start-ups that quickly reached $1 billion in value. The up-and-coming generation is looking very different.</p><p>SAN FRANCISCO — Technology start-ups worth $1 billion, once as rare as unicorns, are now plentiful enough and old enough that there’s a new generation behind them — one that looks very different.</p><p>That’s according to an analysis for The New York Times by CB Insights, a firm that tracks venture capital and start-ups. CB Insights used a variety of data — including financial health and the strength and size of the market a company serves — to identify 50 start-ups that may be on a path to achieving a $1 billion valuation (though there is no guarantee they will get there). </p><p>Software start-ups may seem boring. But many of them are growing fast because industries like agriculture require more software tools as they adapt to the tech era, said Jason Green, an investor at Emergence, a venture capital firm that invests in cloud software companies.</p><p>Other potential unicorns, such as Checkr and Earnin, are building businesses off the last generation of unicorns by offering services to them. CB Insights also pinpointed three start-ups that are popular with millennial women — Glossier, Zola and Faire — as unicorn candidates.</p><p>“If you are one of those high-momentum companies, investors are going to be beating down your door because there is so much interest in investing in the next big winner,” Mr. Sanwal said.</p><p>In 2012, Sajith Wickramasekara founded Benchling. His goal: To solve some of the personal frustrations he had with the outdated technology tools that he used in the molecular biology labs of the Massachusetts Institute of Technology when he was a student.</p><p>Benchling, based in San Francisco, began providing software that allows lab scientists to replace their paper notebooks with searchable records stored in the cloud. That way, scientists could more easily use the records to collaborate with one another, Mr. Wickramasekara figured. Younger researchers were also increasingly asking for such tools.</p><p>“Software has touched a lot of different sectors of the economy, but it has not kept up in the field of science,” said Kaiser Mulla-Feroze, Benchling’s chief marketing officer. </p><p>Today, 140,000 scientists use Benchling’s software, including academics at Harvard and M.I.T. who use a free version, and paying customers like Pfizer and Regeneron. Benchling charges smaller companies $15,000 a year, while large customers who use more advanced features pay millions of dollars a year, Mr. Mulla-Feroze said. </p><p>Benchling has raised nearly $30 million in funding. Last year, the start-up tripled its revenue and number of customers, Mr. Mulla-Feroze said.</p><p>The company is representative of a new class of software start-ups as different industries adopt more technology. Mr. Green, the venture capitalist, said it’s become clear that software aimed at niche sectors offers larger opportunities than previously expected. </p><p>“Health care, automotive, retail, consumer packaged goods, advanced manufacturing companies — they’re all trying to figure out how technology helps reduce costs or how technology is going to help them build their next business model,” said Mr. Sanwal of CB Insights.</p><p>Other fast-growing start-ups that fit this description include Farmers Business Network, which was founded in 2014 by Charles Baron, a former Google program manager, and Amol Deshpande, a serial entrepreneur and venture capitalist. The company charges farmers $700 a year to share and analyze data about their farms, buy supplies and sell crops. Mr. Baron said the start-up counts 7,700 farms as customers and has raised nearly $200 million in funding. </p><p>“Agriculture is going through a digital revolution,” he said. </p><p>Zola now sells 70,000 gift items in its registry. It has also developed tools like online guest lists and R.S.V.P. tracking, all designed to lure more couples to its registry product. The site has been a hit with millennials, allowing the company to raise $140 million in funding and reach a valuation of $600 million.</p><p>Zola is one of three companies on the list of potential next unicorns that have been fueled by millennials’ spending. Glossier, a beauty products company in New York, and Faire, an online marketplace for local boutiques and vendors to buy and sell wholesale items, have also grown by largely catering to a youthful audience. </p><p>Max Rhodes, who founded Faire in 2017, said millennial women are driving a resurgence of local boutiques. These shoppers “don’t want to drive out to the strip mall and buy the most stuff that’s made as cheaply as possible,” he said. “They want unique products that have a story behind them.” </p><p>The rise of companies like Uber and Airbnb has created its own mini-economy of start-ups. </p><p>One of those is Checkr, which was founded in 2014 by Daniel Yanisse and Jonathan Perichon, who worked as software engineers at Deliv, a delivery start-up. Both had become frustrated at the slow-moving background checks for the delivery drivers they wanted to hire for Deliv, so they created their own business to expedite the process.</p><p>Now Checkr works with Uber, Lyft and Instacart. It has also added other types of customers like the insurance company Allstate.</p><p>Checkr is selling “picks and shovels” to the gig economy, said Rich Wong, a partner at Accel, a venture firm that invested in the start-up. </p><p>Another potential unicorn that serves gig economy workers is Earnin, founded in 2012 and based in Palo Alto, Calif. Earnin, which makes an app that provides free cash advances to workers, has a partnership with Uber that lets its drivers cash out immediately after a ride. </p><p>Ram Palaniappan, Earnin’s founder, said the app has been downloaded more than 1 million times and its users open the app 25 times a month on average. </p><p>Notably, 17 of the fast-rising start-ups are dispersed internationally. </p><p>CB Insights identified five companies in India, four in China, and three in Latin America as possible candidates to reach $1 billion in valuation. They ranged from CargoX, a Brazilian start-up using technology to make trucking companies more efficient, to Deputy, an Australian company that provides tools to businesses to manage their hourly workers.</p>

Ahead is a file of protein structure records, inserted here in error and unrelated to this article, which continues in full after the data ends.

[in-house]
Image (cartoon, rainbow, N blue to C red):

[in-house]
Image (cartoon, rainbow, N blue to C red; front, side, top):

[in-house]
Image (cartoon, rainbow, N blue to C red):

he owner of The National Enquirer on Thursday of trying “extortion and blackmail” to stop his investigation into how his private text messages and photos documenting his extramarital affair were leaked to the tabloid.</p><p>“Of course I don’t want personal photos published, but I also won’t participate in their well-known practice of blackmail, political favors, political attacks and corruption,” Mr. Bezos wrote of A.M.I., explaining why he had decided to speak out. “I prefer to stand up, roll this log over and see what crawls out.”</p><p>Mr. Bezos’ online post details a stunning and bizarre clash between the world’s richest man and the nation’s biggest tabloid publisher. In it, all of the country’s obsessions of recent years appear to have collided, from the personal lives of billionaires and sensational tabloid headlines to Mr. Trump’s fight with the media.</p><p>It has also shown that even for one of the world’s most powerful tech titans and the owner of one of the country’s most influential newspapers, the best means of communications can be a simple blog post. And in a time when Beltway pundits complain that the public has lost its capacity to be shocked, Mr. Bezos’ post did exactly that.</p><p>Amazon declined to comment. A.M.I. did not immediately respond to a request for comment.</p><p>Mr. Bezos, who has kept his personal life largely out of the public eye, said in his post that he had then quickly “engaged investigators to learn how those texts were obtained, and to determine the motives for the many unusual actions taken by The Enquirer.”</p><p>Mr. Bezos said he had turned to Gavin de Becker, his longtime private security consultant, for help. In recent interviews, including with The Daily Beast and The Washington Post, Mr. de Becker has said he was investigating whether Ms. Sanchez’s brother, who has said he supports Mr. Trump, may have been behind the leak for political reasons.</p><p>Mr. de Becker did not immediately respond to a request for comment.</p><p>In Mr. Bezos’ post on Thursday, he also published several emails between Mr. de Becker’s lawyer, Martin Singer, and A.M.I.’s lawyer, Jon Fine, and chief content officer, Dylan Howard. The emails detail explicit photos The Enquirer had obtained of Mr. Bezos and Ms. Sanchez but hadn’t run, and went on say A.M.I. would not publish the photos if Mr. Bezos stopped his investigation and publicly said he did not think the leak had been politically motivated.</p><p>In one email that Mr. Bezos disclosed, Mr. Howard wrote that The Enquirer had obtained photos of Mr. Bezos and Ms. Sanchez as part of its “newsgathering.” Included, Mr. Howard wrote, were photos that showed Ms. Sanchez simulating an oral sex scene and Mr. Bezos clad in just a white towel.</p><p>“Nothing I might write here could tell the National Enquirer story as eloquently as their own words,” Mr. Bezos wrote of releasing the emails.</p><p>He added that any personal embarrassment from the revelations took “a back seat because there’s a much more important matter involved here.”</p><p>“If in my position I can’t stand up to this kind of extortion,” he wrote, “how many people can?”</p>